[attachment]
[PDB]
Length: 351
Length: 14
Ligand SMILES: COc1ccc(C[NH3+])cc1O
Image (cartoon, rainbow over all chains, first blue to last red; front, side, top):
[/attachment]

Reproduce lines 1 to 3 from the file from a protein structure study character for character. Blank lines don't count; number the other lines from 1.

[PDB]
Length: 351
Length: 14